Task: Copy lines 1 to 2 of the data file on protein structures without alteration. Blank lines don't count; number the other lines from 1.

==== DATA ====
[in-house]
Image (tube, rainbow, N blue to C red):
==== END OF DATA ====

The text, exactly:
[in-house]
Image (tube, rainbow, N blue to C red):